A Private Equity acquisition that creates a new entity requires a distinctive brand that conveys value and stands out in the crowd. This is particularly true for newly acquired companies that need to quickly and effectively establish a credible and competitive brand platform for their acquisition.
Perhaps the oldest and best-known example of that is Coca-Cola. Its flagship soft drink is mostly carbonated water, coloring and a little bit of flavor. Don’t get me wrong, I like Coke and drink a glass almost every day. But what distinguishes it as a brand isn’t only the flavor. It’s the 100+ years of brand equity, based on a simple color scheme and a curved bottle that make it so instantly recognizable. Without those brand assets, it’s simply another cola, a commodity that would need to compete solely on price rather than its distinctiveness.
And that may be the most valuable lesson of why a strong brand is so vital: Without it, you’re a commodity competing on price, not value. It really has little to do with how a company or product functions or its selling proposition, but it is the core elements that make the brand different and recognizable. These unique elements – in the case of Coke, the shape of the bottle and red and white color palette – and known as its “distinctive assets.” These are the crown jewels of the brand. The more distinctive, the more recognition and brand loyalty from customers. And that means revenues.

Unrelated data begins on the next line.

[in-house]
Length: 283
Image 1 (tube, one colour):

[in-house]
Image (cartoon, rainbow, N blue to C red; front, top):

And that’s why selecting the core elements of the brand, including color, iconography, style and the logo itself, is so important. Marketers can control a brand’s prevalence in the market. More media buys, sponsorships and advertising translate into prevalence. But uniqueness is more difficult to maintain, for the simple reason that competitors may be using or decide to use those same brand elements. But if you’re using a brand element that is too closely tied to others in the market, that means that your marketing and advertising dollars are being spent at least in part to help your competitors. Identifying those key brand elements and monitoring the competitive landscape to ensure that others aren’t using the same elements is key to a successful brand management strategy.
Here are three key tips for managing your brand’s distinctiveness in the market:
- Ask your customers what they think about your brand’s uniqueness. They are your early warning system to what’s happening across your market.
- Leverage your distinctive assets across every campaign to maintain consistency. And do the same for advertising and marketing creative.
- Monitor the industry closely for anything that looks similar to your brand assets.